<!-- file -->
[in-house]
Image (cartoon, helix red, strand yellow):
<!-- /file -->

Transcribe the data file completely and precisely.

[in-house]
Image (cartoon, helix red, strand yellow):